Halswell (House) Lane on the 1889 25 inch OS Map. St Matthew’s Field in on the bottom left, the United Reform Church now stands where Westfield House does here. The lane was named after the public house on the corner with West Street.

Less than a year later, George Pole died at the age of 65, from asthma. As someone who had worked in a brickyard for much of his life, George would have inhaled a lot of brick dust, and this was probably the cause of his illness. With her children now mostly grown up, Mary Ann was left without a source of income, and she left her home in Halswell House Lane and moved into accommodation in West Street.  Her married son Francis, his wife Mary, and three small grandchildren were also living with her. Mary Ann probably began working as a midwife soon after her husband’s death.

In 1861 Mary Ann described her occupation as a nurse, and she is referred to as Nurse Pole in the Wembdon Road register. Mary Ann Pole was illiterate, so she would have had no formal training as a nurse. In the Nineteenth century, new mothers often employed someone as a ‘monthly nurse’. This was someone who was a ‘mother’s help’, who would live in for a few days and help to care for both the new mother and baby. This person might also be a midwife who helped with the birth, although some women only worked as monthly nurses. Mary Ann Pole must also have worked as a midwife, because she was recorded on the Stillbirth register, so must have been present at the birth and reported the death to the registrar in order to get the necessary certification for burial.

By the 1871 census, Mary Ann Pole was, rather alarmingly, still working as a midwife at the age of 78. She was lodging in West Street with James Turner, possibly a relation. Also with Mary Ann were two of her Pole grandchildren.

Mary Ann continued to work for another three years. The Wembdon Road Stillbirth Register shows nine records for her, all between March 1871 and March 1874, although of course, she would have attended many more successful births. Four of these stillbirth records were in 1873, and the total stillbirth burials recorded in the Wembdon Road register for 1873 was 20.  St Mary’s church baptism register recorded 90 baptisms in this year.

Mary Ann continued to work for another three years. The Wembdon Road Stillbirth Register shows nine records for her, all between March 1871 and March 1874, although of course, she would have attended many more successful births. Four of these stillbirth records were in 1873, and the total stillbirth burials recorded in the Wembdon Road register for 1873 was 20.  St Mary’s church baptism register recorded 90 baptisms in this year.

The records show Mary Ann Pole working in North Street, Pricketts Lane, West Street, Pig Market, Mount, Horse Pond Lane and Somerset Place. The red dots on the map below show the streets she visited, the house numbers are not known. The yellow dot marks her home in West Street, although again, her house number is not known. This map shows that Nurse Pole mainly worked within a short walking distance of her home in West Street. The streets she visited were generally associated with poor, cramped housing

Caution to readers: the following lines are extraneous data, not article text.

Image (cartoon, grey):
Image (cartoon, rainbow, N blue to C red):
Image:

All the annotated maps shown are the Ordnance Survey 6 inches to 1 mile, 1888-1904 edition.

Mary Ann Pole enjoyed about three years of retirement after a long life of hard work. She died at the end of May 1878, and was buried on the 3rd of June in Wembdon Road Cemetery, Section 1.

Causes and control of infection

When Nurse Pole was working as a midwife in the 1860s and 1870s, the medical establishment as a whole had little understanding of the causes of infection. In the late 18th century and early 19th century, Scottish physician Alexander Gordon and Hungarian physician Ignaz Semelweis realised that medical staff were inadvertently transmitting infection on their hands and clothes. Semelweis demonstrated that the simple process of washing hands with carbolic soap greatly reduced the transmission of infection, but both Semelweis and Gordon were disbelieved and treated with ridicule by the medical establishment. Instead there was a widespread belief that infection was carried by ‘bad air’, or odours.

Joseph Lister (1827 – 1912) was important in introducing the use of antiseptics such as carbolic acid, but it was not until the 1920s that face masks and rubber gloves began to be used during obstetric procedures in hospitals and home births.

In September and October 1881, there were articles in the West Somerset Free Press describing a sad case in Bristol. Four women in a row had died of puerperal fever caused by infection, all attended by the same midwife, who was then ordered to stop work for a month. This showed that there was then some understanding that infection caused the fever, and there was a clear link to the midwife. The coroner told the distressed midwife that she was not to blame, so there may not have been an understanding of the means to prevent the spread of infection, other than isolation.